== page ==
Painters have a fascination with the ocean. Monet’s “La Terasse de St.-Adresse”, Gericault’s “Raft of the Medusa”, and Turner’s “The Fighting Temerarie” all illustrate the sea’s crashing waves, ships tossing about, and the serenity of the water. Some paintings are of war, and the combination of these two themes create masterpieces. This painting, by Thomas Chambers, is “Capture of H.B.M Frigate Macedonian by U.S. Firgate United States, October 25, 1812.” It is time to explore both the art and the history behind Chambers’ piece.
The painting is in the Smithsonian American Art Museum in Washington D.C. on a wall in the second floor corridor. Painted in 1852, the image shows a duel between HMS Macedonian and the USS United States, early in the War of 1812. First we must understand the background to the piece. The War of 1812 began on the seas as the US and Britain became involved in a series of disputes over impressment. The United States’ claims to parts of Canada and the Franco-American sympathies helped turn the tide and war was declared in 1812. The USS United States was the first American frigate ever built, ordered in March of 1794. The ship’s captain, Stephen Decatur, allegedly made a bet with the commander of the Macedonian, John Carden, in Norfolk, Virginia. If the two were to meet in battle, Carden owed Decatur his beaver-felt hat. The United States was sent to patrol North Africa where it came into contact with the Macedonian off the Azores.
USS United States had a strong advantage over HMSMacedonian in its firepower. Most of the United States’ guns were 24-pounders, while HMS Macedonian was equipped with primarily 18-pounders. The United States also had six more guns and was a larger, more-powerful ship. The United States‘ broadsides riddled the British frigate at a long range and demasted the ship. Carden surrendered his ship after suffering some 100 casualties. The Macedonian was the first British ship to be bested by an American ship and the first to be returned to an American port (Newport, Rhode Island). HMS Macedonian was recommissioned as USS Macedonian and served until 1824.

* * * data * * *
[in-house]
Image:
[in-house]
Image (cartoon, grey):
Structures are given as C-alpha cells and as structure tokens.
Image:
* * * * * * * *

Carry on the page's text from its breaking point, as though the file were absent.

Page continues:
The close-up above shows Capt. John Carden of HMS Macedonian announcing his surrender to the United States with a loudhailer as the American ship fires a broadside into the Macedonian‘s hull. The sails next to him are covered in holes from the shot. It is important to note the damages around the ship as the USS United States fired about seventy broadsides. Chambers’ painting shows the ship in a much better state than it would have been. Many of the crew on both side are on deck, but on the United States, they would have been below decks firing the broadside illustrated.
The whisps of smoke are my favourite part of this painting. Think how difficult it is to paint smoke and even show the wooden hull behind it. The American crew cheers from the deck and further to the right stands Decatur, responding to Carden over the roar of the cannon. Notice how the American ship is in the light of victory. Chambers was born in England, but moved to the United States where he would paint this in 1852. It is interesting to see where his loyalties lie.
While this painting is not as famous as “The Coronation of Napoleon” which I previously reviewed , it is still a very intriguing painting as it shows the different aspects of naval combat and the differences between each nation’s ships in one of the first naval engagements of the War of 1812.
Uhlans, the lancers of the Prussian Army, were a large portion of the cavalry during the Franco-Prussian War. Each was armed with a long lance and a sword. Many carried pistols as well. The czapka was the most recognizable uniform item of the uhlan, and many lancers of other nations had used the flat-topped helmet for years. Uhlans wore Prussian blue and came from all reaches of the Prussian Empire. Included in the set I have made are the Guard Uhlans. Click here to go to Junior General and view my miniatures.